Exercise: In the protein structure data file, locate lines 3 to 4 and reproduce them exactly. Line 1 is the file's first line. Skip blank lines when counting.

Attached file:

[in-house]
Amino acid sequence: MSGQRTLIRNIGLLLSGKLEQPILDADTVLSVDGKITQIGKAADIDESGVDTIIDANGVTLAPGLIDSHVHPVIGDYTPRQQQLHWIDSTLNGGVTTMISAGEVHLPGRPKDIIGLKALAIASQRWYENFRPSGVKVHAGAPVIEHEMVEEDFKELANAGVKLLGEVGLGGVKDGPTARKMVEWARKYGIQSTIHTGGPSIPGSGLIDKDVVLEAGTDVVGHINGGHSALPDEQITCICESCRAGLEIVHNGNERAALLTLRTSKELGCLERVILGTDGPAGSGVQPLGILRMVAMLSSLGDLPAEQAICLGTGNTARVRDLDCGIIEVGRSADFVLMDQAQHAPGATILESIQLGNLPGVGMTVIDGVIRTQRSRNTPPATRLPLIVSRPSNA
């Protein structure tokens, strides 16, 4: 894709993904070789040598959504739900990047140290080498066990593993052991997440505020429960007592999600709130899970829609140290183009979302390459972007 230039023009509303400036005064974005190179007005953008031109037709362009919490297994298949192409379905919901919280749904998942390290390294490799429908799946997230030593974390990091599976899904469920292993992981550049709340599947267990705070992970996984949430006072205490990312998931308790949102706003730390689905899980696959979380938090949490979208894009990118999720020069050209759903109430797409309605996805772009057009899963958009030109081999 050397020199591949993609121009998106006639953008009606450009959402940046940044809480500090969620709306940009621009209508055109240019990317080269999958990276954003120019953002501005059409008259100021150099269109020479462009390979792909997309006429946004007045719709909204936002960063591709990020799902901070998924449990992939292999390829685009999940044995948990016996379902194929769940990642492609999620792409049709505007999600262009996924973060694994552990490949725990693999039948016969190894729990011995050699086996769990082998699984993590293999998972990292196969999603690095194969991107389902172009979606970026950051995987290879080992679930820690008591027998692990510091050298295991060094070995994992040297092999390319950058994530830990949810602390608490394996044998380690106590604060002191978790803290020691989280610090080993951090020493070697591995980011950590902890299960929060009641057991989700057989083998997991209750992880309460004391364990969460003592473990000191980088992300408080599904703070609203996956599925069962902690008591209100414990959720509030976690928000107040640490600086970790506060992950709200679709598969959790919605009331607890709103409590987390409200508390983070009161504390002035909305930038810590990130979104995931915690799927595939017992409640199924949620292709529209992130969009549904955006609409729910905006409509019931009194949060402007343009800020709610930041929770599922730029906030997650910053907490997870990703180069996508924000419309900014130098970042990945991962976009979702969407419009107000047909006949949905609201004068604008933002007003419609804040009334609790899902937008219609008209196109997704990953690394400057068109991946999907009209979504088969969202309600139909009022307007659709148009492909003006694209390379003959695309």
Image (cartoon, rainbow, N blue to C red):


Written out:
């Protein structure tokens, strides 16, 4: 894709993904070789040598959504739900990047140290080498066990593993052991997440505020429960007592999600709130899970829609140290183009979302390459972007 230039023009509303400036005064974005190179007005953008031109037709362009919490297994298949192409379905919901919280749904998942390290390294490799429908799946997230030593974390990091599976899904469920292993992981550049709340599947267990705070992970996984949430006072205490990312998931308790949102706003730390689905899980696959979380938090949490979208894009990118999720020069050209759903109430797409309605996805772009057009899963958009030109081999 050397020199591949993609121009998106006639953008009606450009959402940046940044809480500090969620709306940009621009209508055109240019990317080269999958990276954003120019953002501005059409008259100021150099269109020479462009390979792909997309006429946004007045719709909204936002960063591709990020799902901070998924449990992939292999390829685009999940044995948990016996379902194929769940990642492609999620792409049709505007999600262009996924973060694994552990490949725990693999039948016969190894729990011995050699086996769990082998699984993590293999998972990292196969999603690095194969991107389902172009979606970026950051995987290879080992679930820690008591027998692990510091050298295991060094070995994992040297092999390319950058994530830990949810602390608490394996044998380690106590604060002191978790803290020691989280610090080993951090020493070697591995980011950590902890299960929060009641057991989700057989083998997991209750992880309460004391364990969460003592473990000191980088992300408080599904703070609203996956599925069962902690008591209100414990959720509030976690928000107040640490600086970790506060992950709200679709598969959790919605009331607890709103409590987390409200508390983070009161504390002035909305930038810590990130979104995931915690799927595939017992409640199924949620292709529209992130969009549904955006609409729910905006409509019931009194949060402007343009800020709610930041929770599922730029906030997650910053907490997870990703180069996508924000419309900014130098970042990945991962976009979702969407419009107000047909006949949905609201004068604008933002007003419609804040009334609790899902937008219609008209196109997704990953690394400057068109991946999907009209979504088969969202309600139909009022307007659709148009492909003006694209390379003959695309």
Image (cartoon, rainbow, N blue to C red):